Presentation on theme: "Charge and Polarization"— Presentation transcript:
1Charge and Polarization Monday, January 14, 2008Charge and Polarization
2Demonstration #1Demonstrate how you can pick up the tissue without touching it in any way with your body.What is occurring on the atomic level that lets you do this?
3The atomThe atom has positive charge in the nucleus, located in the protons. The positive charge cannot move from the atom unless there is a nuclear reaction.The atom has negative charge in the electron cloud on the outside of the atom. Electrons can move from atom to atom without all that much difficulty.
4QuestionYou charge the balloon by rubbing it on hair or on a sweater, and the balloon becomes negative. How can it pick up a neutral tissue?
5This is an electroscope PoleThe electroscope is made from a metal or other conductor, and may be contained within a flask.The vanes are free to move.Vanes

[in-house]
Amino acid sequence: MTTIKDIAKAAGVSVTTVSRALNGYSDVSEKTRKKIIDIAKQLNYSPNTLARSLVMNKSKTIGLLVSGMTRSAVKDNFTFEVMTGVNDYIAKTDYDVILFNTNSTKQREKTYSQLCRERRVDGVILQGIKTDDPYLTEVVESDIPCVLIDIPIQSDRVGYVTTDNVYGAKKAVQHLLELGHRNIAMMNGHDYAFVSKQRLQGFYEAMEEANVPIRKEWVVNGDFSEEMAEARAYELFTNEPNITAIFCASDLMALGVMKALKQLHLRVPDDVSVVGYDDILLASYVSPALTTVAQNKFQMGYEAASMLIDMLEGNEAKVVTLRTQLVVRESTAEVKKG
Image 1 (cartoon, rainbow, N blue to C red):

6Demonstration #2Rub the black rod with the fur. Bring the rod toward the pole of the electroscope. What happens to the vanes?Come up with an atomic-level explanation for your observations.
7Demonstration #3Rub the glass rod with the silk. Bring the rod toward the pole of the electroscope. What happens to the vanes?Come up with an atomic-level explanation for your observations.
8Demonstration #4What happens when your touch the electroscope with the glass rod?
9ChargeCharge comes in two forms, which Ben Franklin designated as positive (+) and negative(–).Charge is quantized.The smallest possible stable charge, which we designate as e, is the magnitude of the charge on 1 electron or 1 proton.We say a proton has charge of e, and an electron has a charge of –e.e is referred to as the “elementary” charge.e = Coulombs.The coulomb is the SI unit of charge.